Lost in all the commentary of 'in Europe they do THIS, and in the US we do THAT" there is one thing missing: Just because a VW Golf can do "this" in Europe does NOT mean that it can do the same thing west of the Atlantic- THEY ARE NOT
the same car!!!!
They have different suspensions and different bumpers and some chassis differences, too!
Even between Canada and the US there are substantial differences. As an example, every car that comes out of Japan to N America is put on the boat as US Spec. However, to be allowed entry into Canada, it requires different bumpers which are installed at port of entry. Doors are different, as a seatbelts. Canada has a 5 mph bumper standard the US has 2.5. Canada requires much heavier "anti-intrusion" door safety beams than the US does. Lighting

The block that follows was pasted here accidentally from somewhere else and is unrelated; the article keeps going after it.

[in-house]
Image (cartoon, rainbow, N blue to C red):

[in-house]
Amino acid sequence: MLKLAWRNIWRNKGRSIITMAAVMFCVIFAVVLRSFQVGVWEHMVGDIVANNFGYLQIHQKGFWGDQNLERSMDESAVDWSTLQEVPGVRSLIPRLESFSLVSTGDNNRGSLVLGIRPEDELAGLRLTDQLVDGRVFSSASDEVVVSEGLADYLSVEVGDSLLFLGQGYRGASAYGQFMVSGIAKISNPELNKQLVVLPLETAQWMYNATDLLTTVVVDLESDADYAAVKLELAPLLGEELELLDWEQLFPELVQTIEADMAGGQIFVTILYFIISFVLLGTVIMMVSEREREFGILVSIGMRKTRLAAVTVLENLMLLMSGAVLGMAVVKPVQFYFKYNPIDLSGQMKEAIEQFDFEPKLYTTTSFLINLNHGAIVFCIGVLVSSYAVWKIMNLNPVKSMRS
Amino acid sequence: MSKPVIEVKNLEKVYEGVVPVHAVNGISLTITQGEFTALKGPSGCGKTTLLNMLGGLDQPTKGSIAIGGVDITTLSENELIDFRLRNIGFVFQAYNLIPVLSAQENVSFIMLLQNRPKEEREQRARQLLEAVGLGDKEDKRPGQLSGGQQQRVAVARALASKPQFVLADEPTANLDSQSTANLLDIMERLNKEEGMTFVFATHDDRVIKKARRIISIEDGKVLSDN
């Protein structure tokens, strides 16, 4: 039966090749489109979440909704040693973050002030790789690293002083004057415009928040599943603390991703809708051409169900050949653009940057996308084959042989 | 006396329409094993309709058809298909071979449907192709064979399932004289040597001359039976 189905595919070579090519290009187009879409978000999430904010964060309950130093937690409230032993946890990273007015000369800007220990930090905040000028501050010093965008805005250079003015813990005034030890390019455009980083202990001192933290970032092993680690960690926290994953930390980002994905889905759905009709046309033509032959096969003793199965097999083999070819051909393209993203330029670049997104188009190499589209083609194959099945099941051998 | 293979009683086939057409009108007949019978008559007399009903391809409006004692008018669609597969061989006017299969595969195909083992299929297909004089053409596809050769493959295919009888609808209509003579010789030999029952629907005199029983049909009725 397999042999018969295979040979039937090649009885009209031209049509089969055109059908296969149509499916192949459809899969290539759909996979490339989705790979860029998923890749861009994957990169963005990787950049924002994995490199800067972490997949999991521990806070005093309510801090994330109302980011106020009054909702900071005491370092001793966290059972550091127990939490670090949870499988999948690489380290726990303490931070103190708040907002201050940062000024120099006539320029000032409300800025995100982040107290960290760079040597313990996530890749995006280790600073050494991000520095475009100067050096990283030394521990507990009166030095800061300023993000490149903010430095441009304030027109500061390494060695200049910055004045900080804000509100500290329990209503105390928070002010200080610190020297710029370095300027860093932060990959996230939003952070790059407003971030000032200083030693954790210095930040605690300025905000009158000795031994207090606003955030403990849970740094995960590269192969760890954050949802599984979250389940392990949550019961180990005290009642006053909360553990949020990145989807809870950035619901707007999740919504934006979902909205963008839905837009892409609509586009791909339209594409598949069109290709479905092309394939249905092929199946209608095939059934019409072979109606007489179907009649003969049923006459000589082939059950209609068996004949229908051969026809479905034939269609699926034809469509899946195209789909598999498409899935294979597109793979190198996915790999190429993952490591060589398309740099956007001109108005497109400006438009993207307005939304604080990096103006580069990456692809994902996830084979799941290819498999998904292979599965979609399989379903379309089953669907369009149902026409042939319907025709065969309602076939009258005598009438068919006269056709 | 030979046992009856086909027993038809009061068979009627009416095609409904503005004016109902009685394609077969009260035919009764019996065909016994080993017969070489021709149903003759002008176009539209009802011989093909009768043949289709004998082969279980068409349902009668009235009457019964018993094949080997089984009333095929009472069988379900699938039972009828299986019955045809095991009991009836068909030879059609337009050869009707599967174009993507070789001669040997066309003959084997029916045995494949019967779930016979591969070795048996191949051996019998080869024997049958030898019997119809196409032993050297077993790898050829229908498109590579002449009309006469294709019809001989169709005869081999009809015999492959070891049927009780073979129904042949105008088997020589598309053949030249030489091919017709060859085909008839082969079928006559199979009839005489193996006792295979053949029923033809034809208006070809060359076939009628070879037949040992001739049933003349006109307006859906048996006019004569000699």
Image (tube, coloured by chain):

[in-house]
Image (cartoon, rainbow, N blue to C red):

standards are different. Seatbelt stress tests are more stringent in Canada and the belt attachment points are much heavier in Canada.
European cars generally have far stiffer suspensions. Cars built to euro-spec are not popular in the US - they ride too stiff and harsh (not "pillowy" enough)
Various makers have spent huge amounts of cash to make cars "saleable" in the US by changing to softer suspensions, putting in lighter bumpers and lighter shocks, all of which impacts greatly on how well a euro-spec car would tow something vs how well its US counterpart could do it.
The cars from many makers sold on this side of the pond would be a US spec version that would be illegal for sale
in the Euro zone (and often in Canada they would also be denied entry)
Of course the euro spec one can do things differently - its a different car! - looks the same, but it is NOT the same car!